My husband, our three children, and I have all been trapped under the same roof for 49 days. You’d think that if Physical Touch was my love language, all of my needs would be met because people are around me 24/7 that can’t leave, but you’d be wrong.
I miss all of the other people I might touch or show affection for too.
When my friends and I see each other, we give each other tight embraces, link arms as we cross the street, squish next to each other in restaurant booths. Virtual eye contact may make up for in-person meetings, but there’s no substitute for virtual touch (though the argument could be made that they should create a machine similar to the one from Demolition Man, if it could be used platonically too).
I miss being touched by strangers even. Feeling my stylist run her fingers through my hair as she shampooed it and pulling the strands to cut them. The nail clinician as she filed, clipped, and painted my nails, and then massaged my hands and forearms.
I miss even the briefest of touches, like when a server would hand me my plate and our hands might brush, or when I might go to move around someone in a crowd and our arms would bump.
It’s scary too to suddenly have touch, my dominant love language, be imbued with sinister potential. Shortly after the stay-at-home order in my area was announced, I went through the Starbucks drive-thru as my last “hurrah.” The barista’s fingers brushed mine when she handed me my coffee, and instead of it being a minor, forgettable incident, I freaked out a little internally and immediately sanitized my hands.
For someone who is used to feeling my way in this world, it feels damn lonely not having a world I can do that in anymore. I cuddle and hug my husband and children plenty. When we take walks, I close my eyes and enjoy the feel of my son’s or daughter’s small hands in mine, but I miss the rest of the world too.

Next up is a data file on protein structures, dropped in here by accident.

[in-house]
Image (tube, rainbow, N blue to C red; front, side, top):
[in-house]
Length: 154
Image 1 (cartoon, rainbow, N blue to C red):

Kris Gage has already written brilliantly about the loneliness of Physical Touch even when we aren’t being told to stay six feet away from others, but now things are even worse. How does someone with Physical Touch needs get them met during this time, especially if they are living alone?
Here are some ideas:
I didn’t exercise much before, but lately, I’ve found it enjoyable to do things physical.
I take walks nearly every day, and I recently added a daily yoga practice. Exercise can help you be present within your body.
2. Touch yourself.
There are many ways you can touch yourself that you might forget if someone isn’t doing it for you.
You can massage your scalp, face, neck, hands, legs, or feet, spending time on any area that feels good to you. You can play with your hair or wrap your arms around yourself when you feel like you want a hug.
I’ve written before that the Physical Touch most people crave isn’t just sexual, but that doesn’t mean you can’t give yourself some loving. Sales of sex toys spiked following the lockdown orders, and that’s not surprising. If you haven’t already, think about purchasing something new or taking advantage of one you already have.
Isolation can be a time for you to explore what you enjoy, whether it be in buying a new toy or trying something new. You could use your toy with your partner if you are quarantining together or separately. It can be something you bring in to either make it seem like your partner is present or to enhance what you already have.
4. Find something to cuddle.
There’s a reason why children clutch loveys when their mommy or daddy isn’t around: they make them feel comfortable and secure. Often when introducing them to your child, it’s best for you to “wear” the lovey for an hour, so it smells like you and they associate it with you.
When my husband travels, he leaves a t-shirt for me sprayed with his cologne that I sleep with. It may sound ridiculous, but it’s what I hold onto to help me fall asleep when he’s absent from our bed. If you’re missing someone — whether a real someone or an imagined someone — cuddle a pillow, stuffed animal, blanket, or item of clothing.
5. Set up times to speak with the ones you love.
While seeing your friend, family member, or lover on Zoom or FaceTime won’t make up for the fact that they are physically absent, still make sure to take that time to connect. The sight and sound of them will recreate some of the experience of being around them and can help you feel less lonely.
Society has changed drastically, and the future is still uncertain. This is a time to practice plenty of self-care while also being creative. If Physical Touch is your love language, don’t think you’ll just have to be neglected during this time, especially if you’re alone. Recognize that your needs are legitimate, and try something new.
Previously published on psiloveyou.xyz.
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